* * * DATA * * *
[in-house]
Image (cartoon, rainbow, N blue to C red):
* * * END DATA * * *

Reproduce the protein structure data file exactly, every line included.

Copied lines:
[in-house]
Image (cartoon, rainbow, N blue to C red):